A lower set of extensions 35, 36, 37 is similarly spaced around axis 11, similarly joined one to the other at the center, similarly disposed in chamber 26 and similarly interposed between the lower pole pieces. Each extension 35-37 aligns axially with one of the extensions of the upper set.
As best seen in FIG. 3, each of extensions 32 through to 34 lies axially opposite an extension of the lower set 35 through to 37 and opposing extensions are spaced apart axially to define, in part, the beam space 10. Similarly, the pole pieces 12 through to 14 lie axially opposite the pole pieces 15 through to 17 of the lower set and are also spaced apart axially to define, in part, the beam space 10.
The interpositioning of resonant cavity members 32 through to 37 circumferentially between the pole pieces 12 through to 17, allows the resonant cavities to be extended axially for as far as is necessary for them to provide efficient delivery of the radio frequency energisation. In the example, they are made to be one quarter of the wavelength of the required radio frequency energisation. The cavities 41 are closed at their ends remote from the beam space 10 to form quarter wave resonators.
Radio frequency energisation is fed from respective co-axial cables 42 through to 44 into the cavities 41 between the inner and outer shells 39, 40, so as to produce a large sinusoidally oscillating voltage between the ends of the cavities adjacent the beam space 10.
The cavities of all three extensions in the upper set along with all three cavities of the extensions in the lower set, are energised in phase and, in the example, they are supplied with radio frequency waves at a frequency three times the revolution frequency of the ionized particles.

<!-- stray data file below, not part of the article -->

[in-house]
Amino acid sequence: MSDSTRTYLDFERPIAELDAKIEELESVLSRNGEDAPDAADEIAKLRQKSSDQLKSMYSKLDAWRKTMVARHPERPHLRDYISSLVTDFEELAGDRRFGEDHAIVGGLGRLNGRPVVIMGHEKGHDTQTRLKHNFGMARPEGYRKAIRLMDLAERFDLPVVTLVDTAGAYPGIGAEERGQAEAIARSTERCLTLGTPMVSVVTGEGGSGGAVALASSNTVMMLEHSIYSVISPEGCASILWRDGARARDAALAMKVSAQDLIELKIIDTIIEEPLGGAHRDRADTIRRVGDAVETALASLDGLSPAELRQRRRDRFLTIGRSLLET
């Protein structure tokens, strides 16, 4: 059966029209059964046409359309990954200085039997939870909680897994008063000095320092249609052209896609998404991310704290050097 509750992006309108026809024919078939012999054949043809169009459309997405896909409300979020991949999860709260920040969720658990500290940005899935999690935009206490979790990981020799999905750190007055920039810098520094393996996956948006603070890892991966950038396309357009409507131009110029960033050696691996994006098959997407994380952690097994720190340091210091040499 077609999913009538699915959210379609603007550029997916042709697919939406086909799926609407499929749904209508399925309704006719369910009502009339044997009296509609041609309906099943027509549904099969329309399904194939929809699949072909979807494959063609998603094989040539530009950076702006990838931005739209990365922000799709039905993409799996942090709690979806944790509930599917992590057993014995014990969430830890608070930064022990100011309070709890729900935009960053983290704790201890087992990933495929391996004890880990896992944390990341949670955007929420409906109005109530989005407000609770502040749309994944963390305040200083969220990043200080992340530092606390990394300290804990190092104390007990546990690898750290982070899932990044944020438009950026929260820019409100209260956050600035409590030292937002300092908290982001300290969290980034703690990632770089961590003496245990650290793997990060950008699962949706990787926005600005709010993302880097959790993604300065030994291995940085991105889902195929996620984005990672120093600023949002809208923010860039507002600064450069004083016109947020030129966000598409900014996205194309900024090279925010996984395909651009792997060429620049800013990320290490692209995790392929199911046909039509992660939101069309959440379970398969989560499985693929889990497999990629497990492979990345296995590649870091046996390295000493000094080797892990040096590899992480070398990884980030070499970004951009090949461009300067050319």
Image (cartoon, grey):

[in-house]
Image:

Referring now to FIG. 5, there is shown a developed axial section through the three radio cavity extensions of both upper and lower sets. The beam 50 travels from left to right, as shown, and the radio frequency energisation is synchronised to provide the required polarity to accelerate the partilces as they pass each of the cavities.
Because each of the ionized particles passes the two sides or shells making up each cavity and because the phase of the voltages applied to these sides is synchronised to provide accelerating voltages as the particles pass, the particles are given six accelerating voltage `kicks` per revolution. Each voltage kick is typically 30 kV and the ion revolution frequency is 50 MHz, i.e. each orbit increases the energy by 180 kV and the cavity frequency is 150 MHz.
When the particles reach the required energisation they are removed from the cyclotron. As shown in FIG. 8 using negative ions, at the appropriate point in the spiral path of the beam 80, the particles are caused to strike a thin carbon foil 60.
This foil 60 strips negative charge from the ions, thereby converting them to positive ions. As such they are deflected by the axial magnetic field in a direction radially outwards and thus pass out of a delivery pipe 61. The foil can have any number of alternative positions depending on the energy required in the output particles: thus, by changing the positon of the foil, alternative outputs of 10 MeV and 17 MeV can be obtained.
The stream of ions is provided by an ion source 70 which is situated on top of the cyclotron. The ion source 70 emits a stream of negative ions radially outwards: the stream is turned immediately through 90° by the magnetic field and the majority of the concomitant hydrogen gas is removed at this point by differential vacuum pumping. The facility easily to remove gas from the ion stream, along with the facility for extremely efficient pumping of the beam space, contributes to the excellent overall efficiency of the cyclotron.
The stream of negative ions from source 70 is shown at 71. It is turned immediately through 90° so as to be directed along the central axis 11 and passes through a hole 72 provided in the top of the resonant cavity members 32 to 34, on its passage to the beam space 10.
As shown in FIG. 1, the ion stream is again turned through 90°, as shown at 79, and then starts its orbits in the beam space 10.